Watching the big game on your computer could become a thing of the past. Federal investigators shut down 10 of the most popular website that broadcast sporting events live.
Specials agents for U.S. Immigration and Customs Enforcement's Homeland Security Investigations issued seizure warrants to ATDHE.NET, CHANNELSURFING.NET, HQ-STREAMS.COM, HQSTREAMS.NET, FIRSTROW.NET, ILEMI.COM, IILEMI.COM, IILEMII.COM, ROJADIRECTA.ORG and ROJADIRECTA.COM.
These particular websites linked users to other websites that host pirated sporting and pay-per-view events. They gained poplarity because of their convenience and reliability. They allow sports fans to quickly browse content and locate games that would otherwise be more difficult to find.
However, the leagues own the copyrights to the games.
"This swift action by our HSI New York special agents and analysts sends a clear message to website operators who mistakenly believe it's worth the risk to take copyrighted programming and portray it as their own," ICE Director John Morton said, according to a statement issued by ICE.
Morton said this investigation is about protecting legitmate businesses. The National Football League, the National Basketball Association, the National Hockey League, World Wrestling Entertainment, and the Ultimate Fighting Championship lost potential revenue every time someone chose to view a sporting event through one of these websites rather than attending the game in person or paying to view it on TV through pay-per-view.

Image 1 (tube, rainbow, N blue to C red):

U.S. Attorney for the Southern District of New York Preet Bharara went a step further. She said the potential revenue those businesses lost has a rippledown effect which hurts all sports fans.
"The illegal streaming of professional sporting events over the Internet deals a financial body blow to the leagues and broadcasters who are forced to pass their losses off to the fans in the form of higher priced tickets and pay-per-view events," Bharara said (according to a statement issued by ICE).
The sites still exist, but now look a lot different.
The home pages have been replaced by a vibrant banner with three law enforcement seals across the top and a clear message on the bottom. The message advises them that the New York office of ICE HSI seized the domain name because of criminal copyright violation.
The new banners is just the start. The U.S. Attorney for the Southern District of New York wants the webmasters to forfeit their domain names, shutting down the sites for good.
Law enforcement officials picked this week to shut down the sites for a reason. The Superbowl, the most-watched sporting event of the year, is this Sunday. ICE wants to make sure football fans who planned on going online to watch the big game turn to legitamate broadcasters instead. They also want to make sure no other thieves have time to launch and promote similar sites.
"With the Super Bowl just days away, the seizures of these infringing websites reaffirm our commitment to working with our law enforcement partners to protect copyrighted material and put the people who steal it out of business," Bharara said.
Some of these website became extremely popular in Tampa Bay this past fall. When the NFL blacked out Buccaneers games due to low ticket sales at Raymond James Stadium, fans turned to their computers. They watched the home games from home through these websites.
Sometimes, they were able to watch the games at bars. The NFL issued warnings to those bars that feed the website video to their big screen TVs.
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